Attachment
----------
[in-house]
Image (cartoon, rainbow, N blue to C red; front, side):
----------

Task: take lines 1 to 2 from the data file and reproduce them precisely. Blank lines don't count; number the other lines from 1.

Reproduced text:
[in-house]
Image (cartoon, rainbow, N blue to C red; front, side):